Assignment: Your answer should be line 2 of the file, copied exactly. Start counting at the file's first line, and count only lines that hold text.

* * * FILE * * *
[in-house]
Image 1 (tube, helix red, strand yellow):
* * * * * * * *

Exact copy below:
Image 1 (tube, helix red, strand yellow):